The town of Sagar, Madhya Pradesh, looks no different from the numerous others in the Hindi heartland, except for one aspect -- the ubiquitous polythene bags are missing. The change was brought about when junior ncc cadets, assisted by school children -- a work force of over 50,000 -- launched a 20-day drive against plastic bags.
The guiding force behind the cadets has been retired colonel K L K Prasad, who gave them the initial lessons on the environment. Prasad has also conducted classes over a 10-day period for around 15,000 government school students in Sagar.
The drive was so successful that shop-keepers stopped supplying plastic carry-bags and started displaying notices on the dangers associated with using polybags. The campaign snowballed with doctors, lawyers and professionals from all walks of life extending their support.
The principal of Maharani Laxmi Bai Girls High School says "every student became a Rani Laxmi Bai and declared war on pollution. I had no option but to join them."
The students' efforts paid off. In the two months preceding the launch of the drive, 25 animals died after consuming polythene bags, but since then there have been no reports of animal deaths from polybag consumption. The use of paper bags has increased and this has created additional jobs.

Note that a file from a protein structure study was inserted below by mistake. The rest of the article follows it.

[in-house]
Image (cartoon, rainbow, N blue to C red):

Having achieved one mission, the children are now planning to tackle the acute water shortage in the city. The water table in the surrounding areas has fallen to a depth of 300 ft and people have been compelled to purchase drinking water during the summer. But if the children have a similar measure of success as their previous venture the water shortage in the city will soon be a thing of the past.
Sagar's children have shown that nothing is impossible if the commitment and determination to tackle crises exist. In the end, saving the environment is saving yourself.
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